terrain like mars.JPG

Luckily, whatever path we were on intersected the real trail near the 8th station. The landscape changed from Mordor to Mars, the soft sand turning into large volcanic rocks and puddles of pebbles, the trail now a sadistic scribble of switchbacks. I heaved myself over unstable rocks, running on fumes and determination. That French chorus quickly became my only companion as I started to seriously lag behind. Every few switchbacks, I could see Jwizzle waiting for me to catch up.  

“You don’t have to wait,” I gasped unconvincingly, “I’ll be fine.”

It only dawned on me later that he was most likely waiting because he didn’t want a dead body – or the responsibility of being associated with one found on the side of a mountain – impeding his descent. At this point, although there were large enough rocks to sneak behind to pee, we started to see other hikers, both above and below us. This was enough of a deterrent; the last thing I wanted to do was to subject several Japanese mountain climbers to the sight of my bare butt. It was also cold. Cold enough that I didn’t know if I’d be able to warm up again if I exposed more than my face to the elements. I checked in with my bladder and reassessed my priorities. Peeing could wait.

We reached the summit a long, hard five hours after arriving at the 8th station. Near the rim of that volcanic crater, we ate a snack and I curled up against my backpack. I closed my eyes ready to jump into unconsciousness, fully aware that this is most likely how people die of exposure and/or freeze to death. I wondered where the helicopter would land to pick up my dead body.  

The Torii gate at the summit.

The Torii gate at the summit.

I felt a small pang in my gut and I opened my eyes. I was okay with the embarrassment of dying on the side of a mountain, but the idea of being found dead in a puddle of my own urine roused me from any chance of sleep/death. Because if I had to go, I’d strongly prefer it wasn’t with a full bladder. I drummed my fists against my dead thighs and prepared to get off the mountain.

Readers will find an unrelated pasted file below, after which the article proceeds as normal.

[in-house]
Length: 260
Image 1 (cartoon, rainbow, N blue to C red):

Since we had wandered down the scenic route, it had taken us a total of twelve hours to climb to the top. It would take us a laughably easy three to descent. Once we scrambled down the web of switchbacks, the rest of the route is made of deep, soft volcanic sand that’s referred to as “the sand slide.” We were able to almost jog down, the sand cushioning the impact you’d usually feel on the walk down a mountainside. Back at the trailhead, I made a beeline for a bathroom that smelled like a damp corner of Paris in the summer. It was probably worse than the alternative, but at least I didn’t have to worry about volcanic sand getting into my underwear.

dirty feet.jpeg

 A couple hours later, I emptied about four tablespoons of ash and small rocks from my shoes into a hotel trashcan. After a shower I only got out of so I could lie down, I dozed off to Japan stunning the world by beating Ireland in the Rugby World Cup, and dreamed of toilets.

 [Some of the photographs in this post were taken with an expired disposable film camera.]

Unplugging at the Sanja Festival

I probably spend what would be defined as an unhealthy amount of time on the Internet for someone who is not a tween. With most of my friends living outside Japan, a career as a freelance writer with clients in the U.S., and a preference for reading the news in English, I am always well connected.

It’s not a bad thing in itself, but spend enough time on the Internet and you’ll eventually find some appalling stuff. Recently, a few curious clicks led me to a widely read forum for foreigners for Tokyo and their relationship advice. Of course, this was going to be bad, but given that I consciously choose to spend my time watching true crime shows, I am, by nature, morbidly curious. I kept reading.

There’s a strange fetishization of white male foreigners here in Japan, which places them in somewhat high demand, regardless of physical attractiveness or the ability to be interesting. As a non-white, foreign, male co-worker once described it, certain women seem to want to live out a fantasy of having a white, "exotic," boyfriend, based on information and stereotypes gleaned from Hollywood chick flicks, and white foreign men seem only too happy to oblige. So it wasn’t that much of a surprise to read a poster saying: